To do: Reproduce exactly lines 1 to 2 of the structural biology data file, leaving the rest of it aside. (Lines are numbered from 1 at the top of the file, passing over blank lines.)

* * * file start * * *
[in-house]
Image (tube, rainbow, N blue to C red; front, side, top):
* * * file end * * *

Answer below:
[in-house]
Image (tube, rainbow, N blue to C red; front, side, top):